The word ‘war’ is a rhetorical minefield By Winthrop Quigley / Journal Staff Writer Published: Thursday, December 10th, 2015 ALBUQUERQUE, N.M. — “War” might be the most overused and most sloppily used word in American public life, and because it is we end up with sloppy thinking and poor public policies. Politicians have declared war on drugs, war on poverty, war on cancer. Jimmy Carter called the energy crisis of the late 1970s “the moral equivalent of war.” Pundits and people advocating different causes warn of a war on Christmas, a war on women and a war on men. George Bush declared a global war on terror, which never made sense, since terror is an emotion. It’s like declaring war on sadness. To declare war on terrorism is no better. Terrorism is a technique of combat. It would be as if the United States declared war on dive bombers after the Japanese attack on Pearl Harbor. ... The war on drugs militarized a public health problem. Millions of young people, mostly black and Latino, lost years of freedom and citizenship rights once they were convicted of nonviolent drug felonies. ... Now come calls for a “war on radical Islamic terrorism.” It’s a sloppy concept that threatens to lead to sloppy policies. ... Terrorism has been a tactic in use for thousands of years. Many of the grievances destabilizing the Muslim world today are centuries old. How are we to know when the war is over? Or are we to remain on a war footing for as long as our republic exists? How long can a republic exist if it is always at war?My editing leaves out a LOT of good stuff. I encourage you to click on the link and read Quigley's piece in full!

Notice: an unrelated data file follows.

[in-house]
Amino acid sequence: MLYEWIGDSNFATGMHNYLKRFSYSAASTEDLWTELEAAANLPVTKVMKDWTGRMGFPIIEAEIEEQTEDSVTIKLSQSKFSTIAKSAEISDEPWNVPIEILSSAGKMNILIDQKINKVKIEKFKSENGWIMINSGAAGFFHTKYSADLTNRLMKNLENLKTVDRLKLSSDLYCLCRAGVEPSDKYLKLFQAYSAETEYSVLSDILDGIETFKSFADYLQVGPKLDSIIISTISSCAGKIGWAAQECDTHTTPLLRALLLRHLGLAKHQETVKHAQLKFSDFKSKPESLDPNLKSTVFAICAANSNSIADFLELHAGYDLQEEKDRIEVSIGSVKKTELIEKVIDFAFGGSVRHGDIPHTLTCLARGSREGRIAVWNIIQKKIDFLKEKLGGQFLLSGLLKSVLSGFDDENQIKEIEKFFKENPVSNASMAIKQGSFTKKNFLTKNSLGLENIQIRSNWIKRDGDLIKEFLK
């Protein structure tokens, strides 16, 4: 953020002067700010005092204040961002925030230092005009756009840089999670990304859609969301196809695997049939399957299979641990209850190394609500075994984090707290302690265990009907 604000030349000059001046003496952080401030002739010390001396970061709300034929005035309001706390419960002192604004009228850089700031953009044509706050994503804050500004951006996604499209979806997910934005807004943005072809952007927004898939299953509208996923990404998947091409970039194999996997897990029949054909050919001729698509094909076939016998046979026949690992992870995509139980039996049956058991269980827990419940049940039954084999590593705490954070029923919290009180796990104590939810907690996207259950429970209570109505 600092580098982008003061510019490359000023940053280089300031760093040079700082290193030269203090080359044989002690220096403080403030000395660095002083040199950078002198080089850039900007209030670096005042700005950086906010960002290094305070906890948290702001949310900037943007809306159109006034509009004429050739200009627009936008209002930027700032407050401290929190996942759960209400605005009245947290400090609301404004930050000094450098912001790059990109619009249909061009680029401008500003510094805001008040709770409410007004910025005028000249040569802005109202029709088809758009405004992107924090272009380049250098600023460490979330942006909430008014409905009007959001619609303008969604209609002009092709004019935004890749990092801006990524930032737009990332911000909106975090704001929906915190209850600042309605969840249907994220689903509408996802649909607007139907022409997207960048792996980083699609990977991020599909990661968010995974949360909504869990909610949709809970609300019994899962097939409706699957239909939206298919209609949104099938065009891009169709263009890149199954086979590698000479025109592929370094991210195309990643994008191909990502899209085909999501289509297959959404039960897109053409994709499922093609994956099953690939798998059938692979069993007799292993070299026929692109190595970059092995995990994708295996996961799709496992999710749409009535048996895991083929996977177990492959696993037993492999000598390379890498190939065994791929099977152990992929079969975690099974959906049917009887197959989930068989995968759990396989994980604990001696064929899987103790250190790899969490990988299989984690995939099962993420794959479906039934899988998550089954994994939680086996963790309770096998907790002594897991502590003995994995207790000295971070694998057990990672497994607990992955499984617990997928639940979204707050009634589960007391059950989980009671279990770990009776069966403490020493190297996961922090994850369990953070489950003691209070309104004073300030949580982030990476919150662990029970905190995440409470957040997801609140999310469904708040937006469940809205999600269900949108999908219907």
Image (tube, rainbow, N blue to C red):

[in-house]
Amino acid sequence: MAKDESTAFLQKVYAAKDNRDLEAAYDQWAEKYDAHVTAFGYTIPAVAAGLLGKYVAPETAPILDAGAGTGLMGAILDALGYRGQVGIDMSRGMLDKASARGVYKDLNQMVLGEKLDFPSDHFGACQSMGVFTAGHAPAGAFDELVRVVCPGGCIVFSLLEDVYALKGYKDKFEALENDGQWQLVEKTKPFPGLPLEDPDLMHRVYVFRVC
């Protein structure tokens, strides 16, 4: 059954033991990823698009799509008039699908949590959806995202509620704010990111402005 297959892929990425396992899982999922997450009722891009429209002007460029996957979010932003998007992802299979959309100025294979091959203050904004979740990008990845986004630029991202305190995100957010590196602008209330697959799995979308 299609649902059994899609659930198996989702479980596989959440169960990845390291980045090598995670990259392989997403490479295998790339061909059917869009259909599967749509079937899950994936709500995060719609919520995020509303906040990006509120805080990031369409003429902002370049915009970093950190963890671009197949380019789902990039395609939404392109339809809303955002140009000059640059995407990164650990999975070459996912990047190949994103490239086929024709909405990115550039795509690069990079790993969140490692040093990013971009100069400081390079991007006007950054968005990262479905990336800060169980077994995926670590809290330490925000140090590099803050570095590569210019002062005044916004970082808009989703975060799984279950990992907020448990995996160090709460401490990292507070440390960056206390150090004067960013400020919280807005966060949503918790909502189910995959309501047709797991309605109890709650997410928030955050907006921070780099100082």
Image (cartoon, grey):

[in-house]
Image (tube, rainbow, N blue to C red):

Thursday, December 10, 2015
From the Albuquerque Journal: The rhetoric of "war"
From Winthrop Quigley in today's Albuquerque Journal: